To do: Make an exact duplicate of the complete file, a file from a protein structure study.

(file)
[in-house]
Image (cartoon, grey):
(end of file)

[in-house]
Image (cartoon, grey):